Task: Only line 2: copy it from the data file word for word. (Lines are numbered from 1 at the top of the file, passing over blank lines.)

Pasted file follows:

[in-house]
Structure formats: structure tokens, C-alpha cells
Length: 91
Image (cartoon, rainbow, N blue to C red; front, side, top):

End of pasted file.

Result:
Structure formats: structure tokens, C-alpha cells